by Galen Gillotte
Edition: Cards
13 used & new from CDN$ 5.20

3.0 out of 5 stars Not what I expected but good nonetheless, Oct. 5 2003
When I first saw the title and the back cover description, I thought this would be a pretty in-depth exploration of stone energies and how they can be used in goddess magic (something along the lines of Cunningham's Encyclopedia of Crystal, Gem and Metal Magic). I don't believe that a book should be entirely judged by my own preconceptions, but even on it's own merits, the book is a little shallow.
This book is really a series of spells/meditations tapping into specific Goddess archetypes for specific life events or obstacles. Each spell uses a certain kind of stone that the author feels resonates with that particular goddess. So far, so good.
However, while I found the Goddess explanations to be fairly well fleshed out, the explanations for why she chose that stone and the meditations connected to the spells are often short, leaving me wanting more information and imagery. Toward the end, some of the meditations have even become repetetive - the Goddess smiles at you and gives you a specimen of the stone that is recommended for the spell. Also, all of the spells have exactly the same structure. For different life events, I personally think it would be nice to have different kinds of rituals.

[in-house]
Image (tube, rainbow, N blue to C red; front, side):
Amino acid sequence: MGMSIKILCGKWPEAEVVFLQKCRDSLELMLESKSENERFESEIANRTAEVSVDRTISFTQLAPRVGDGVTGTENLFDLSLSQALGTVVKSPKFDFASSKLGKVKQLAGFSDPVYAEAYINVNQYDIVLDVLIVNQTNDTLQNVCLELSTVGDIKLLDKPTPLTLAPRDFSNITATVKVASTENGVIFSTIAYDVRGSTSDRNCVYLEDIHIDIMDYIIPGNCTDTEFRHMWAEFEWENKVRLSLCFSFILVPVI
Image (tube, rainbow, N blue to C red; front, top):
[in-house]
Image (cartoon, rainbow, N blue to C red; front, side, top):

I do have to say that the elemental meditations sometimes had much richer imagery than some of the Goddess ones, and I do like the idea of approaching the elementals in a personified form. I also really liked the idea for Goddess and God prayer beads. Prayer is a lesser explored aspect of pagan/Wiccan tradition, and I like that she offers information (and beautifully written prayers) to those interested in that particular form of worship.
In conclusion: this book does have some beautifully written ritual passages, spells and prayers, but the meditations come up a bit short. It's also a bit short on actual stone information (making the title somewhat misleading). I think Kala Trobe does a much better job with Goddess meditations in her book "Invoke the Goddess" which Gillotte has actually listed as a reference.

The Inner Temple of Witchcraft: Magick, Meditation and Psychic Development
The Inner Temple of Witchcraft: Magick, Meditation and Psychic Development
by Christopher Penczak
Edition: Paperback
Price: CDN$ 16.57
36 used & new from CDN$ 16.51

5.0 out of 5 stars A solid foundation, Aug. 16 2003
For me, this book filled in a lot of gaps in all the other Wicca/magic 101 books. Those books would say "meditate on...", "raise power", "visualize your intent" without actually telling you HOW to do any of those things. Perhaps I'm just stupid, but none of those things are natural to me. Then I found "The Inner Temple of Witchcraft" and my questions got answered.
This book makes me feel better knowing that I'm not the only one who can't figure out what it really is to "visualize your intent" right off the bat. It eases you into a meditative practice, visualization, affirmations, healing, chakra work, etc. He presents the skills as progressive lessons so the format is easy to follow. All the other magic 101 books say that magical skill comes with practice, but once again, this book is much more useful. Instead of just saying that you should practice, Penczak actually lists homework at the end of each lesson.
Personally, this was exactly the beginner book I needed, one that sets up a solid foundation before rushing right into spells and Sabbat rituals.

Seasons of the Witch: Poetry & Songs to the Goddess